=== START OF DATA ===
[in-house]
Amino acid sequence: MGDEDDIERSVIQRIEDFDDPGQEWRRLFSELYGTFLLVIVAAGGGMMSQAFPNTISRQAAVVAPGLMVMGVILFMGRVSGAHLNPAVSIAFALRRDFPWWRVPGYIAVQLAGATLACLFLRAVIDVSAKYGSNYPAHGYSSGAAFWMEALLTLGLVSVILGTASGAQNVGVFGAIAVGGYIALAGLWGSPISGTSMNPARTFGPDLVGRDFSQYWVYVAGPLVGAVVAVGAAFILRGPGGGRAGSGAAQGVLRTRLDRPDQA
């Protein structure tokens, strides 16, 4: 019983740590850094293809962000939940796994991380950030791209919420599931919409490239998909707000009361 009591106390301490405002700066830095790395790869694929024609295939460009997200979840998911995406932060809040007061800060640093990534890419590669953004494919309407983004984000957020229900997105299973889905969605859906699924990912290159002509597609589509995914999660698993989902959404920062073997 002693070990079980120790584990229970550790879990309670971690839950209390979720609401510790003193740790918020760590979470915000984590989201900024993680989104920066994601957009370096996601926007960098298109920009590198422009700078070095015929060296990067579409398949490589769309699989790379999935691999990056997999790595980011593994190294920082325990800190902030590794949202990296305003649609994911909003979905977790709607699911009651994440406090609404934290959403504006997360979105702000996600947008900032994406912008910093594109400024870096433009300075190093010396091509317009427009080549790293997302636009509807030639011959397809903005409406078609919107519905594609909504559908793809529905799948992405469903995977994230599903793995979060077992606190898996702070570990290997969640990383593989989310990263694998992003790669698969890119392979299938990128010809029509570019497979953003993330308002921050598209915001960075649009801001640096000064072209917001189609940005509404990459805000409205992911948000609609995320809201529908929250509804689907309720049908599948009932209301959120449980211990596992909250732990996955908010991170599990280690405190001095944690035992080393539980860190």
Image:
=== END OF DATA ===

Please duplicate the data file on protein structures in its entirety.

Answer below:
[in-house]
Amino acid sequence: MGDEDDIERSVIQRIEDFDDPGQEWRRLFSELYGTFLLVIVAAGGGMMSQAFPNTISRQAAVVAPGLMVMGVILFMGRVSGAHLNPAVSIAFALRRDFPWWRVPGYIAVQLAGATLACLFLRAVIDVSAKYGSNYPAHGYSSGAAFWMEALLTLGLVSVILGTASGAQNVGVFGAIAVGGYIALAGLWGSPISGTSMNPARTFGPDLVGRDFSQYWVYVAGPLVGAVVAVGAAFILRGPGGGRAGSGAAQGVLRTRLDRPDQA
């Protein structure tokens, strides 16, 4: 019983740590850094293809962000939940796994991380950030791209919420599931919409490239998909707000009361 009591106390301490405002700066830095790395790869694929024609295939460009997200979840998911995406932060809040007061800060640093990534890419590669953004494919309407983004984000957020229900997105299973889905969605859906699924990912290159002509597609589509995914999660698993989902959404920062073997 002693070990079980120790584990229970550790879990309670971690839950209390979720609401510790003193740790918020760590979470915000984590989201900024993680989104920066994601957009370096996601926007960098298109920009590198422009700078070095015929060296990067579409398949490589769309699989790379999935691999990056997999790595980011593994190294920082325990800190902030590794949202990296305003649609994911909003979905977790709607699911009651994440406090609404934290959403504006997360979105702000996600947008900032994406912008910093594109400024870096433009300075190093010396091509317009427009080549790293997302636009509807030639011959397809903005409406078609919107519905594609909504559908793809529905799948992405469903995977994230599903793995979060077992606190898996702070570990290997969640990383593989989310990263694998992003790669698969890119392979299938990128010809029509570019497979953003993330308002921050598209915001960075649009801001640096000064072209917001189609940005509404990459805000409205992911948000609609995320809201529908929250509804689907309720049908599948009932209301959120449980211990596992909250732990996955908010991170599990280690405190001095944690035992080393539980860190």
Image: